Lymphedema Program

What Is Lymphedema?

Lymphedema is an accumulation of fluid (lymph) in the body's tissues that results in swelling (edema), most often in an arm or leg. Primary lymphedema is caused by an abnormal or inadequate lymphatic system. It may be present at birth, or it may develop later in life, often for unknown reasons. More common is secondary lymphedema, which is caused by damage to the lymphatic system due to surgery, radiation, infection or trauma. Damage to the lymph system slows the normal flow of lymph fluid, causing swelling.

A Common Side Effect of Breast Cancer Treatment - Lymphedema commonly occurs in persons who have undergone surgery and/or radiation to treat breast cancer. It can occur soon after treatment, or it may take several years to develop. If you have faced the challenge of breast cancer surgery or radiation, you may now be dealing with this frustrating, and sometimes dangerous, condition. The professionals in the Deaconess Lymphedema Program offer hope. While lymphedema cannot be cured, we now offer treatment to manage the condition.

Purpose of the Lymph System

The lymphatic network is an important part of the body's immune system that identifies foreign bodies, such as bacteria and viruses and initiating the immune response.

The lymph system also plays a key role in removing waste, proteins, water, fat and cell debris. In untreated lymphedema, these waste products may build up in tissues, often causing a number of complications, including infections and limitations in movement and function.

Symptoms of Lymphedema

  • Clothing may feel tighter on the affected arm or leg.
  • Rings may become difficult to remove from your fingers.
  • A vague sense of heaviness may begin in the affected arm or leg.
  • Decreased prominence of the knuckles or ankles may be noticed.
  • Pain may be present in the affected arm or leg.

Lymphedema Treatment at Deaconess Hospital

Ideally, patients begin treatment as soon as swelling starts to develop. However, it is never too late to begin treatment.

Lymphedema is treated through a process known as complete decongestive therapy (CDT). The goal of treatment is to reduce the swelling in the arm or leg, making it smaller and more manageable. CDT consists of an intensive phase, which includes daily treatment sessions, and a maintenance phase, which continues for the rest of the patient's life.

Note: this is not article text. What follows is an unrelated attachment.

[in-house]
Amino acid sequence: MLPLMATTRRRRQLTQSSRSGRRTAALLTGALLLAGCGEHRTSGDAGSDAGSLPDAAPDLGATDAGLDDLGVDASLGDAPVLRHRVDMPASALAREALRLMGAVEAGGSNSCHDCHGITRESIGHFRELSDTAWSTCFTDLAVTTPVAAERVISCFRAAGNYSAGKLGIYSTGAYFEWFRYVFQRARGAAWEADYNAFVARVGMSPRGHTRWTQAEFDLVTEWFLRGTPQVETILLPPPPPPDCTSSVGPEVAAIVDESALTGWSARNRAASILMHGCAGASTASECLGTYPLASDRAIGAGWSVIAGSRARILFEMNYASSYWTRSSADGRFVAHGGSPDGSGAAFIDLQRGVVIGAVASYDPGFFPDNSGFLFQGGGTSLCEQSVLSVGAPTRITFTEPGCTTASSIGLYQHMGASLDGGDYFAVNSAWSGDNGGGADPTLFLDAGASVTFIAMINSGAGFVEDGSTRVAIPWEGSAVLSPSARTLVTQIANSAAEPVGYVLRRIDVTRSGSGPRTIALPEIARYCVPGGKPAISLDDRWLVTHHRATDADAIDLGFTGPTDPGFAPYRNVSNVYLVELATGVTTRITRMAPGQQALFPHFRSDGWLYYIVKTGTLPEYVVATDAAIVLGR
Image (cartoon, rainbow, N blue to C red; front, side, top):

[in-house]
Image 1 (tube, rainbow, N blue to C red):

Intensive Phase  - This phase may include:

  • Manual lymphatic drainage, using massage-like techniques to stimulate lymphatic circulation
  • Mechanical compression bandaging, using short-stretch padded bandages worn 23 hours per day
  • Therapeutic exercise to restore lost strength and flexibility and to increase circulation through the "muscle-pump" mechanism
  • Education in skin care, lymphedema precautions, self-bandaging and lifetime self-management

Maintenance Phase - This phase may include:

  • Self-bandaging - worn while sleeping
  • Compression garments - worn during waking hours
  • Continued compliance with skin care, prevention and exercise

Therapy includes education about self-management of lymphedema so that patients may treat the condition at home and remain independent. The treatment program can be modified at the therapist's discretion to fit the needs of individual patients. Family members are welcome to attend sessions and learn the self-management skills.

Therapist Qualifications

Physical and occupational therapists in the Deaconess Hospital Physical Medicine Department are experienced in the assessment and treatment of lymphedema. In addition to earning a professional degree, our therapists have professional certifications or have attended educational programs dealing specifically with lymphedema.

For More Information

Your doctor will help you decide if the Deaconess Lymphedema Program is right for you. A physician’s referral is required for evaluation and treatment in the program. For more information about the Deaconess Hospital Lymphedema Program, call 812/450-3353 or contact your physician.

Tips for Preventing Swelling & Infection

  • Practice meticulous skin care daily.
  • Keep skin moisturized.
  • Avoid walking barefoot.
  • Wear protective gloves when gardening.
  • Never allow a blood pressure check, injection or blood draw on the affected arm or leg.
  • Don’t wear restrictive clothing such as elastic cuffs.
  • Use an insect repellent to prevent insect bites & stings.
  • Avoid burns, including sunburn.
  • Avoid overheating, including saunas and hottubs.
  • Avoid constriction from tight clothing, socks, undergarments or jewelry.
  • Use an electric shaver rather than a safety razor for underarms.
  • Avoid carrying heavy packages with the involved arm.
  • Wear protective gloves when gardening.


Lymphedema is an accumulation of fluid (lymph) in the body's tissues that results in swelling (edema), most often in an arm or leg. Primary lymphedema is caused by an abnormal or inadequate lymphatic system. It may be present at birth, or it may develop later in life, often for unknown reasons. More common is secondary lymphedema, which is caused by damage to the lymphatic system due to surgery, radiation, infection or trauma. Damage to the lymph system slows the normal flow of lymph fluid, causing swelling.

A Common Side Effect of Breast Cancer Treatment - Lymphedema commonly occurs in persons who have undergone surgery and/or radiation to treat breast cancer. It can occur soon after treatment, or it may take several years to develop. If you have faced the challenge of breast cancer surgery or radiation, you may now be dealing with this frustrating, and sometimes dangerous, condition. The professionals in the Deaconess Lymphedema Program offer hope. While lymphedema cannot be cured, we now offer treatment to manage the condition.